Dr. Gereboff's Head Notes
Meaning of Life
I wonder how many of us ever have conversations with friends, family or spouses about the meaning of life? Do you wonder why we’re here and what our purpose is? Questions about meaning and purpose preoccupy philosophers and clergy. Yet ordinary people engage in meaning-making even though they might not label it as such as they try to understand why things work as they do, or attempt to gain clarity about experiences. But I fear that we often stop short of thinking deeply about the meaning of life in a way that creates a path of action and a sense of purpose.
In December, I wrote about the work of Denise Pope and Madeline Levine with respect to defining success, and I remembered that the discussions about success are directly tied to “meaning of life” questions. Pope and Levine point to the large spike in stress related issues (including depression, anxiety, suicides and addictions) among middle class adolescents as symptomatic of our simplistic definitions of success. They note that the definition of success for these students and families are admittance to “the right” school or the attainment of “the” athletic scholarship. If they fail to attain that goal, they are crushed, and if they attain the goal, they lack clarity about “what’s next?” They don’t have multiple paths of action nor a sense of purpose.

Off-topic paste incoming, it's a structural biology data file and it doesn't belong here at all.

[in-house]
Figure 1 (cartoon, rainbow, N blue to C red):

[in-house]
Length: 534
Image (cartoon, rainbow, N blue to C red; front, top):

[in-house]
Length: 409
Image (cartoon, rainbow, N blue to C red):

In considering Pope and Levine’s work, I discussed how school needs to be structured to encourage meaning-of-life questions so children can develop their purpose. Children need time to ask “why” questions and to hear different answers about the purpose in life to help them how they might create their own path.
Faith-based schools like Wornick have the means to engage in this sort of thinking. They offer a paradigm and a context from which such questions can naturally and organically arise. Yet many such schools historically have taught in a dogmatic way – trying to answer these complex “why” questions in simplistic “single-answer” ways. Their goal was to close the conversation with a pat answer. In the most rigid cases, they teach that there is only one “right” answer, rather than encouraging a dialogue and a personal journey of exploration.
Our program is structured so that students have the content knowledge they need to find their vocation, as well as a language to express wonder and gratitude. Above all, we champion the exploration of the “whys”. Our answers are tentative since that is all that we can honestly offer. Our goal is to provide multiple paths through this journey called ‘life’ that enable our children to confidently stride forward, regardless of whichever path they choose to take. The sense of purpose and meaning that they develop at Wornick will serve as their unwavering North Star as they navigate life.
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